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The COLA For Social Security Might Be The Highest In Almost 40 Years

In March 2022, the consumer price index (CPI) increased by 8.5 percent year over year, the highest increase since 1981, reports the Market Realist.

Consumers are paying more for everything, from food and furniture to fuel, because inflation is at an all-time high.

Social Security Administration Offices Are Opening Soon Finally

And if the income of the individuals remains the same, their purchasing power decreases. This is particularly true for senior persons living on a limited income. Social security payouts may be changed to account for inflation.

Social Security Payouts Are Reviewed By Policymakers Annually

Annually, policymakers examine social security benefits to ensure that consumers’ purchasing power is protected. In 2022, social security payouts received a COLA of 5.9%, the highest in nearly 40 years. This was predicated on inflation data from 2021, and inflation in 2022 has been significantly greater.

The CPI for urban wage workers including clerks is another measure used by the Social Security Administration (SSA) to calculate COLA (CPI-W). This index has increased by 9.4 percent in the last year, outpacing the CPI.

In 2023, The COLA For Social Security Could Be Greater

Experts estimate that inflation spiked in March 2022, however, it will not considerably decrease due to the ongoing Russia-Ukraine conflict and supply-chain concerns. As a result, the COLA in 2023 may be larger.

The mean social security user has lost $162.60 in purchasing power, as per Mary Johnson of the Senior Citizens League. In addition, the Senior Citizens League predicts an 8.9% increase in the social security COLA in 2023.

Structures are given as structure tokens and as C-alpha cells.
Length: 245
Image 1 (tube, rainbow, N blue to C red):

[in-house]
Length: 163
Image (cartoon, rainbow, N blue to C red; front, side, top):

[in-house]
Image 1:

Impact Of COLA On The Retirees

Social security benefits are received by approximately 68 million individuals, comprising retirees as well as disabled people. Approximately half of all seniors live in a household wherein social security payments account for at least half of their income.

Even though social security benefits have increased, many people doubt that this will strengthen beneficiaries’ purchasing power in the face of inflation. Food, power, housing, and medication, as well as Medicare Part B premiums, are all more expensive.

Mary Johnson of the Senior Citizens League proposes that seniors try to cut back on some of their spendings to help them cope with the rising prices. Seniors can save money by using the GoodRx pharmacy discounts and requesting physicians for less expensive options.





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